The thought experiment was designed to amplify quantum weirdness to everyday feline dimensions in order to startle us with its weirdness. It was not intended to solve the problem of quantum observation, although it has been interpreted as a reductio ad absurdum of quantum mechanics in some quarters. I doubt that Schrodinger, Bohr, Einstein or any of the other physicists who debated the subject in the 1930s ever supposed that this type of experiment would become a practical proposition. Remarkably, however, technology has advanced to the point where quantum superpositions can be created, if not of cats, then at least of enough atoms at once to be seen by the unaided eye. This is the world of 'mesoscopic physics,' which lies closer to the scale of cats and boxes than of atoms. For the first time it is feasible to suggest that we could follow quantum weirdness as far as everyday dimensions, and find out whether anything new intrudes. This is the field of Serge Harocheof the College de France and Ecole Normale Superieure, Paris, whose paper is featured in this posting.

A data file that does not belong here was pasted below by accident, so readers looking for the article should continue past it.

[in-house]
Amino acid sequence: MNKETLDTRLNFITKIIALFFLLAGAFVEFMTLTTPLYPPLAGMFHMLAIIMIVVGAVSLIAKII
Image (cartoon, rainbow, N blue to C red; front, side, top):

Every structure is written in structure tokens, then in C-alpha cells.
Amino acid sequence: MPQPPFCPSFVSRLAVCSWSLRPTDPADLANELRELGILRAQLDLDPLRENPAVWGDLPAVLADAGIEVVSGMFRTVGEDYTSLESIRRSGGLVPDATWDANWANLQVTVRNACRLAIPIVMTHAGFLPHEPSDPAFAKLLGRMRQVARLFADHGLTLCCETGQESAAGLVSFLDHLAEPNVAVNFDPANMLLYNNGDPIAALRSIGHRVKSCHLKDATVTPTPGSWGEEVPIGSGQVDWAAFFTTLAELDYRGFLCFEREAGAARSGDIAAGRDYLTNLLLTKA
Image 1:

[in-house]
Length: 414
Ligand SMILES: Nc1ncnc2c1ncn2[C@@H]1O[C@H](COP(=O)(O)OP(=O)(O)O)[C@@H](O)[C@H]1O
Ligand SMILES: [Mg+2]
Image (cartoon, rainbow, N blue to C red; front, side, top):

A key factor in the development of the ideas of Haroche and others is to identify the appropriate parameter for the transition to the 'everyday world.' Is physical size the relevant quantity? Is it the mass that counts? Or could it be more subtle? After all, the concept of 'cat' and 'alive' pertain not so much to the physical dimensions of the system, but to its complexity. Can we be sure that no new physics—physics associated with the onset of classicality—arises in a system that is sufficiently complex? Blobs of atoms are one thing, cats (or even bacteria) quite another. A quantum superposition of a bacterium might, I venture to suggest, provide a few surprises.